Avi Golden

A stroke and aphasia survivor

Avi Golden, standing in front of a paramedic vehicle in his paramedic uniform and hat

Avi is a stroke and aphasia survivor. He was an New York City paramedic and about to start medical school when he had a stroke. Prior to his stroke, he loved many outdoor sports like horseback riding, kayaking, sailing, bicycle riding, snowboarding, etc. Now, post-stroke he has aphasia (difficulty communicating) and can’t use one arm, but still enjoys many of the same thrilling activities.

Avi completed his Bachelor of Science in Biology at Towson University, in Maryland, USA.

 

1. As someone with aphasia, what can you share about this condition that you think will help other people? Everyone is different. For example, I have Broca’s aphasia. There’s also Global aphasia and Wernicke’s aphasia, and different levels of ability or difficulties that each person may have. Working hard with a Speech Language Pathologist is very important. It may take a long time to make progress.

2. What treatment program did you find most helpful in your particular case? I had individual therapy and then I also participated in a group. At first, I could only say the word “Michael”, and it’s funny now because I didn’t even know anyone named Michael! It’s important to socialize with others who have aphasia and have some fun, too. When a Speech Pathologist leads the group, the person with aphasia might not know they are working on communications skills when they are in that group.

3. What advice would you give someone with severe aphasia? Don’t give up. There are alternate ways to communicate if speech is very difficult. You need to trust your Speech-Language Pathologist and work with them.

4. What advice would you give family members of someone with aphasia? Families need to learn some of the best ways to help out a person with aphasia. Sometimes waiting without filling in words for them is better. The Speech Pathologist can give the best advice for each person.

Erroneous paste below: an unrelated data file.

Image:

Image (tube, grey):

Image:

5. How does aphasia affect your daily life right now and what technologies do you find most helpful, if any? I have some trouble with writing. I use speech-to-text dictation software. My cell phone is a great help. When I can, I go speak to groups along with a Speech Pathologist. I have a PowerPoint presentation, and it includes pictures of me doing sports and activities you might not expect.

6. As an aphasia advocate, what improvements would you like to see in the health care system in your country? It is important to educate people, especially first responders, so they can have an idea of what to expect when they see a person who has aphasia in a medical emergency. The National Aphasia Association says that about 1/3 of all strokes result in aphasia. There are 2 million people in America who have aphasia, but many people never even heard of it.

7. What are the common misconceptions people have about stroke patients with aphasia? It is not a loss of intelligence. It is a problem communicating, and people can be helped even 10 years after they first were diagnosed. Recovery and progress is different for a younger person than an older person.

There are new studies showing that the brain can make new networks and heal, which can improve the communication ability of a person with aphasia.